They have spread like a virus, are hard to spot and can be extremely uncomfortable — after the wettest winter since records began, Britain is in the grip of a pothole epidemic.
Potholes are caused by underlying water beneath the tarmac, which is aggravated by traffic passing over it, and rural roads are the worst affected.
Rural insurer NFU Mutual told H&H that claims for pothole incidents on country roads are up 21% in 2013 from the year before.
“People who live in rural areas already face huge problems with poorly maintained roads,” said NFU’s Nicki Whittaker.
“Recently, we have seen many horseboxes and trailers that have been damaged because they have driven over potholes.
“The wet weather has also meant that many deep potholes are filled with water and therefore difficult to spot — which is dangerous as a rider or a driver.”
But it’s not just your transport that is at risk. Ms Whittaker urged riders to watch out too.
“What might look like a harmless puddle may actually be a pothole and could injure your horse,” she added.
“Riders should also be sensible if moving into the centre of the road to avoid a pothole, as this makes them more vulnerable to oncoming traffic.”
Lee Hackett of the British Horse Society (BHS) said the safety team had received a number of calls about pothole accidents.
The society is urging people to consider how deep holes may be below standing water when riding or transporting horses.
H&H reader Jackie Alexander lives between Hereford and Worcester and said the roads have become “diabolical”.
“The potholes are huge and we have to veer when we are travelling our horses, to try to avoid hitting a deep cavity,” she said. “This is obviously dangerous and so far we have lost a wheel trim and punctured a tyre on the trailer.”
Eventer Ginny Howe told H&H there were “loads” of potholes in her area in Oxon.
“It’s not just mud and surface water we’ve had to contend with, but some massive potholes too,” she said.
“Thankfully my big truck doesn’t feel them too badly, but my car has had a puncture.”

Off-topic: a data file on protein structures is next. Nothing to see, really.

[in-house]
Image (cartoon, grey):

In the news
Potholes have hit national headlines recently.
A 15ft deep pothole was found on the M2 in Kent, and in Hull a driver reportedly “came within inches” of mowing down a girl after his car hit a pothole.
Last week, widow Kate Uzzell was reported to be suing a council after a pothole caused the death of her husband.
Cyclist Martin Uzzell was killed after hitting a 4in deep pothole on a charity bike ride in North Yorkshire in 2011 and being hit by a car. At the inquest last week, the coroner said there was “no doubt whatsoever that the condition of the road on that occasion was the cause of the incident”.
Cycling Weekly’s Hugh Gladstone told H&H potholes are an “ongoing concern” with his readers.
Councils take action
The issue is a nationwide concern and councils urge riders to report potholes. Many have specific online forms.
The Highways Agency said it has “very stringent measures” regarding fixing potholes, due to the “type and volume of traffic” on trunk roads and motorways.
But local councils are most affected.
Hertfordshire Council paid 1,300 claimants nearly £99,000 in compensation between 2012-13 and spends millions every year on repairs.
Devon County Council said the number of potholes reported on Devon’s roads has increased from 2,000 in December to 7,500 in January, and a further 7,900 in February.
Cllr Stuart Hughes of Devon County Council said: “We are hoping to receive additional funding from the Government to help us repair the damage caused by the wettest winter on record.
“We have increased pothole repair teams from 13 to 34 in the past month to try to tackle the problem. We carry out regular inspections of Devon’s roads, but because our 8,000-mile road network is the biggest of any authority in the country, we rely on the public being our eyes and ears.”
Cllr Vernon Smith of Gloucestershire County Council said the busiest roads in the county are inspected at least every month and in the past year nearly 50,000 potholes had been fixed in the area.
“It is our priority is to fix unsafe potholes immediately, while smaller potholes are programmed to be repaired within 28 days,” he said.
This news story was first published in Horse & Hound magazine (20 March, 2014)